Australian wines catch summertime in a bottle


January 11, 1995|By Michael Dresser | Michael Dresser,Sun Staff Writer

Think warm thoughts, people keep telling you this time of year. Think warm thoughts, they say, as if that's going to help dig your car out of the snow.

Very well, here's a thought for wine drinkers: Let's blow this crummy Northern Hemisphere and head for Australia, even if only in our minds.

From frigid France to the frostbitten Finger Lakes, the vineyards of Europe and America are cold and barren. But in Australia, the vines are lush and green. Vineyard workers swelter under blue summer skies, repairing the fences that will keep the kangaroos from devouring the plump clusters of ripening grapes as vintage time draws near.

Relatively few American wine drinkers will get the chance to taste the delights of an actual Australian summer this winter. The rest of us will have to savor its warmth in liquid form. Fortunately, the Australians are generous with their exports.

Australia is justly well-regarded for its cabernet sauvignons and chardonnays, while connoisseurs rave about the country's exquisite fortified dessert wines. But the quintessential Australian wine varietal is shiraz, the country's most widely planted red wine grape.

In many ways, shiraz is to Australia what zinfandel is to California. Until the last decade or two, both were widely regarded as second-class wine varietals, living in the shadow of their aristocratic cousin Cabernet. They were the workhorse grapes of their respective regions, often playing an anonymous role in cheap jug wines.

There are also stylistic similarities. Both are capable of producing full-bodied, flavorful red wines with admirable structure and intensity. Both shiraz and zinfandel tend to produce plump, earthy wines that do not demand extensive cellaring to show their charms.

The biggest difference between the two is pedigree. Zinfandel was a foundling grape whose European origins remained murky for years before scientists brought Italy's primitivo grape up on a paternity rap. Shiraz, on the other hand, is a migrant aristocrat, known in France as the syrah grape of the Rhone Valley.

While syrah and shiraz -- a name drawn from the ancient capital of Persia -- are identical twins by nature, nurture has given them far different personalities. In the warmer climate of Australia, the grapes become riper and sweeter. The resulting wines are often less tannic but more rustic. The characteristic nuances of a great French syrah are raspberries and spice; a typical Australian shiraz is more likely to display flavors of blackberries and chocolate.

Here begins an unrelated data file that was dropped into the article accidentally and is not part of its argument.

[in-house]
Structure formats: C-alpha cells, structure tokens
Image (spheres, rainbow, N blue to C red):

But Australian shiraz cannot be dismissed as just the ne'er-do-well brother of syrah. When properly cultivated, it can yield monumental wines. It is the predominant grape in Penfold's Grange, a rare and expensive (about $80) wine that is the peer of the finest chateaux in Bordeaux.

There's only one Grange, but many Australian producers are treating shiraz with just as much respect as they do cabernet. The result is a bevy of fine red wines, some dauntingly expensive but others priced quite reasonably.

Mitchelton, one of the greatest wineries in Australia, produces both. At the high end, about $25, it has produced a 1992 "Print Label" Victorian Shiraz of exceptional concentration and complexity. This wine, which draws on aboriginal art for its beautiful label, lives up to its packaging with intense, layers flavors of blackberry, chocolate and spices. It's excellent now, but should repay a decade or more of cellaring.

The 1992 Mitchelton III Rouge ($13), a blend made up of 93 percent shiraz and a dollop of grenache and mourvedre, is more in the style of Chateauneuf-du-Pape than your typical Australian shiraz. Its intense raspberry-blackberry flavors combine with nuances of coffee, chocolate and herbs to yield a complex wine that needs at least five years to open up. Supplies are limited.

Much easier to find is Mitchelton's basic $10 bottling of Southeastern Australian shiraz. A classic it's not, but this smooth, medium-bodied wine delivers excellent value.

If you were to pick one wine that most exuberantly proclaimed the spirit of Australian shiraz, it could well be the 1992 Peter Lehmann Barossa Valley Shiraz. For $9, this full, creamy-rich, chocolately wine delivers a ton of fruit. There's nothing subtle or chic about it -- just a blackberry bomb going off in your face.

For a radically different interpretation, adventurous tasters might want to try the 1990 Wolf Blass South Australian Shiraz ($16). This is a wine for people who adore the flavor of new oak barrels. It's a bit of a Johnny One-Note at this stage, but there's a wealth of sweet fruit that will ultimately subdue the wood and yield a complex, claret-like wine.

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